13.9.14

Dance & Fashion . The Fashion Institute of Technology



Dance & Fashion
Special Exhibitions Gallery
September 13, 2014 – January 3, 2015

Join the conversation on Twitter with hashtag #dancefashion and see more photos on Flickr! Register for one of our Dance & Fashion Fashion Culture events, including a Martha Graham dance performance, a conversation with Misty Copeland and Dr. Valerie Steele, a dance workshop by Team Vicious, and screenings of Flamenco, Flamenco and the films of Charles Atlas.

Dance & Fashion is a stunning exploration of the relationship between these two embodied art forms. Organized by the museum’s director, Dr. Valerie Steele, and set in a dramatic mise-en-scène created by architect Kim Ackert, Dance & Fashion features nearly 100 dance costumes and dance-inspired fashions, ranging from the 19th century to the present, many of which have never been exhibited.

Dance & Fashion opens with a superb display of ballet costumes and related fashions from the 1830s and 1840s, the era of the Romantic ballet. A rare Spanish-style costume worn by the great ballerina, Fanny Elssler, is accompanied by fashions of the period. A costume by Christian Bérard for Symphonie Fantastique, along with a costume by Mme Karinska for Ballet Imperial, demonstrates the evolution of classic ballet costume, while a costume from Creole Giselle for the Dance Theater of Harlem evokes the continuing appeal of the Romantic ballet. 

Christian Dior’s Black Swan ball gown epitomizes ballet’s influence on fashion design. Conversely, Marc Happel, costume director of New York City Ballet, has said that his costumes for Symphony in C were inspired by fashions designed by Dior and Balenciaga. The pointe shoes of famous dancers such as Anna Pavlova and Margot Fonteyn are juxtaposed with high-fashion styles by Christian Louboutin and Noritaka Tatehana that were inspired by ballet shoes.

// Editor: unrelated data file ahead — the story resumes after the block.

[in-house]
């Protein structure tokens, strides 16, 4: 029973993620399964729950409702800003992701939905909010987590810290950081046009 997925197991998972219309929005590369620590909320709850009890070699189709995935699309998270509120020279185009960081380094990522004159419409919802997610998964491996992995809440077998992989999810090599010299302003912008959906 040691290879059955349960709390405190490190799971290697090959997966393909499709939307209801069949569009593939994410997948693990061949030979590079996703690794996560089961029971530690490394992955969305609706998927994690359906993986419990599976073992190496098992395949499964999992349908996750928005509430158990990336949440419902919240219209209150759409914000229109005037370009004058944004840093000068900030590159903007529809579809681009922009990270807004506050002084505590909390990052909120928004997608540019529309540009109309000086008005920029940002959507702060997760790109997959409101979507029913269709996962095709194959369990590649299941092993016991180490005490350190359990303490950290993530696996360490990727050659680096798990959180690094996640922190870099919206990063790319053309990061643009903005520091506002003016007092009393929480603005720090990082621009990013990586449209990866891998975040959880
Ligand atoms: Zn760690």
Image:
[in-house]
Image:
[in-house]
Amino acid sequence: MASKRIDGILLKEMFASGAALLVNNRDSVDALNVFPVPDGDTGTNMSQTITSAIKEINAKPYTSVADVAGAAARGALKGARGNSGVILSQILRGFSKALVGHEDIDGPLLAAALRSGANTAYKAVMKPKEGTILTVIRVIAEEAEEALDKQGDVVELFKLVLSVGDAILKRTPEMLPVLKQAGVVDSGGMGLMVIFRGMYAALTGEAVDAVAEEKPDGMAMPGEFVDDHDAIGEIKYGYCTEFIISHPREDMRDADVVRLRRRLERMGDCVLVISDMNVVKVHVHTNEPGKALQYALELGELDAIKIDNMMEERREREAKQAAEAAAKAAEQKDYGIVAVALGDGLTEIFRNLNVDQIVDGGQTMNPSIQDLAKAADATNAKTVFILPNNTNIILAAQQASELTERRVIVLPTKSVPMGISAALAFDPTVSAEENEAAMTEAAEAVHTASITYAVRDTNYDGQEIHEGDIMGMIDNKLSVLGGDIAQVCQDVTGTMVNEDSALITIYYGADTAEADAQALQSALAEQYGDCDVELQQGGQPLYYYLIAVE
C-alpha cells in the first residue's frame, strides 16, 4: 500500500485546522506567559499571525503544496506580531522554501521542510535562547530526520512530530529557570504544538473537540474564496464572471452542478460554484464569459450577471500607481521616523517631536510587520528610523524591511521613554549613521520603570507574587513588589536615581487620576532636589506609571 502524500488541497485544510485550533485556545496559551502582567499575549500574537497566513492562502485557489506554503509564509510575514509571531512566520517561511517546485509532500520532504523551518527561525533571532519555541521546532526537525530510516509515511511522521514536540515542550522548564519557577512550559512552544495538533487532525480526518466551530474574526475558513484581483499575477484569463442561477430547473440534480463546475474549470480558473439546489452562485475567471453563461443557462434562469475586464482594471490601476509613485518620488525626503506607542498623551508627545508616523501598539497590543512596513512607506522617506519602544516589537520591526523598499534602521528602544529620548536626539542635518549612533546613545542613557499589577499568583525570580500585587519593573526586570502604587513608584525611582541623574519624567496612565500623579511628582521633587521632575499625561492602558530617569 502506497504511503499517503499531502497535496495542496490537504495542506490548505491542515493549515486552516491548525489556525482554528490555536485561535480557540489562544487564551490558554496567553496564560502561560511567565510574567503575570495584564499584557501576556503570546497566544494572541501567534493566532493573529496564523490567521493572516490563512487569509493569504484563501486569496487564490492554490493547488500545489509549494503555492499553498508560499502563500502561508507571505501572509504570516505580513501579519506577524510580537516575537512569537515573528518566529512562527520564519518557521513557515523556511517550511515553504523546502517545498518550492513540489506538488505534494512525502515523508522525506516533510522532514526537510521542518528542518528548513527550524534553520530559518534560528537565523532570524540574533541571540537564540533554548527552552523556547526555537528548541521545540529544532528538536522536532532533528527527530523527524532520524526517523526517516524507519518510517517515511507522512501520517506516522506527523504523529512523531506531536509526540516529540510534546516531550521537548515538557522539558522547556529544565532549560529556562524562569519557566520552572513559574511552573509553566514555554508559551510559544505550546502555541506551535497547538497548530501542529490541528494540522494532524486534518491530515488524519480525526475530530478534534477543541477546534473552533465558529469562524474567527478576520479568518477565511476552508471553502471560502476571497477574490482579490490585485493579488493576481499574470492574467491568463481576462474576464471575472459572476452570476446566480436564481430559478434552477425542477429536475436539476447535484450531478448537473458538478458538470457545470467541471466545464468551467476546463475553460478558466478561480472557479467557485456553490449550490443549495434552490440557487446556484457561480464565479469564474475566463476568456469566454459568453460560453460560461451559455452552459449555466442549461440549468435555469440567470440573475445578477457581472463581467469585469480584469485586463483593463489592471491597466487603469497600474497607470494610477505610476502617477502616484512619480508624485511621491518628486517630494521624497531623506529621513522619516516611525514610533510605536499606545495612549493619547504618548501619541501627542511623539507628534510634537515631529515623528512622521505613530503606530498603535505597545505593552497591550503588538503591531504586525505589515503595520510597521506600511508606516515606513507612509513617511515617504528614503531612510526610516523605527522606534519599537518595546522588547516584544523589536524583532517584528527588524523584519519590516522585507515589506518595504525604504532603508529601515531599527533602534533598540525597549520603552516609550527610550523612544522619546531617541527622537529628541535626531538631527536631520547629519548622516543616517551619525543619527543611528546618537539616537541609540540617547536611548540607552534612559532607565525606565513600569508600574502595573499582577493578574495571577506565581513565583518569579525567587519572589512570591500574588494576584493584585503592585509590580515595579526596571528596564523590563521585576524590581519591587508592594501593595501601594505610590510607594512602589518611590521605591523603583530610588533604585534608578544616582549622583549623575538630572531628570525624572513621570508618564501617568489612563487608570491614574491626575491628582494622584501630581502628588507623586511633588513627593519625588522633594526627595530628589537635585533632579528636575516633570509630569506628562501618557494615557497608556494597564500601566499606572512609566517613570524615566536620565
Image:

The Orientalism of the Ballets Russes (1909-29) has also influenced generations of fashion designers, from Paul Poiret to Yves Saint Laurent. A costume from Schéhérazade, 1910, designed by the artist Léon Bakst and recently acquired by The Museum at FIT, is the centerpiece in a display of extraordinary fashions and costumes, including a couture ensemble from Yves Saint Laurent’s 1976 Ballets Russes collection and an ensemble by Ungaro worn by Princess Caroline of Monaco. There are also costumes worn by dancers such as Rudolf Nureyev and Mikhail Baryshnikov.

Among the fashion designers who have created costumes for the ballet are Yves Saint Laurent and Riccardo Tischi of Givenchy (for the Paris Opera Ballet), Christian Lacroix, and Jean Paul Gaultier, plus Valantino Garavani, Prabal Gurung, Giles Mendel, Olivier Theyskens, Rodarte, and Iris Van Herpen, all of whom have created costumes for New York City Ballet.

Stella McCartney, man’s tattoo costume for Ocean’s Kingdom, Fall 2011, by New York City Ballet © The Museum at FIT
Halston, woman’s costume for Tangled Night, 1986, lent by Martha Graham Dance Company. © The Museum at FIT
Rodarte, woman’s costume for Two Hearts, Spring 2012, lent by New York City Ballet.  © The Museum at FIT

Dance and Fashion: Two Inseparable Expressions of Art at the FIT in New York

Cristobal Balenciaga 1950, France. Dance and Fashion: Two Inseparable Expressions of Art at the FIT in New York

Dance and Fashion: Two Inseparable Expressions of Art at the FIT in New York

Dance and Fashion: Two Inseparable Expressions of Art at the FIT in New York

Léon Bakst "Sherezade" 1910, France. Dance and Fashion: Two Inseparable Expressions of Art at the FIT in New York

Valentino, 2012 New York City Ballet. Dance and Fashion: Two Inseparable Expressions of Art at the FIT in New York